The producers employed local scientists and naturalists to get the birds used to people. One female dummy from Doncaster was dressed up in Attenborough's jumper and hat; another had feeders hanging from its hands so that when replaced by the man himself, the birds fed naturally from his palms. Not all field craft pays off: the camera crew spent three weeks in Nepal trying, unsuccessfully, to film the orange-rumped honey guide. Camera man Nick Gordon contracted malaria, was infested with a fly larvae, and was almost killed when lightning struck the tree he was filming from. His near-death experience brought us the calf bird; a cross between an undertaker and a Franciscan monk; the birds boom a noise strangely reminiscent of a dentist's drill over the Amazon rainforest.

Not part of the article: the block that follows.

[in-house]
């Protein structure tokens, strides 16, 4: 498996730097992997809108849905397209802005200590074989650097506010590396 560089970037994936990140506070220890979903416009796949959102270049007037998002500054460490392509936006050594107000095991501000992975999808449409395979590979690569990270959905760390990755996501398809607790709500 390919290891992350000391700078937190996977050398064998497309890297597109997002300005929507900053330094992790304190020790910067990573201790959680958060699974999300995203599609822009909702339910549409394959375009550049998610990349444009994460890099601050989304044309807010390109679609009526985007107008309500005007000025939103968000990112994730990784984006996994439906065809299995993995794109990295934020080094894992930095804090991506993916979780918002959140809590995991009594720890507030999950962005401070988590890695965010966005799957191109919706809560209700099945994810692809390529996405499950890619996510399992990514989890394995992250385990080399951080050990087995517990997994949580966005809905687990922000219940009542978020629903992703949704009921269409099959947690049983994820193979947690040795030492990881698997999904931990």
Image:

The series is at its most successful when on the one hand we are amazed by the weird and wonderful, and on the other we are drawn into a more empathetic relationship with birds; perhaps unsurprisingly the programme that achieved this best was about sex. Ninety per cent of bird species are monogamous. Allegedly. In "Finding Partners" Attenborough appeals to the Nineties laddette when he suggests, "Females cruise by assessing what's on offer." On grebes he pronounces, "After the dancing, more gift- giving." In the avian world it seems to be a piece of eel or a bit of moss, marginally more endearing than the usual vindaloo. The male streamer tail shows off by waggling his ears at the female. When the deed is done, "She pulls herself together and gets ready to begin life as a single parent."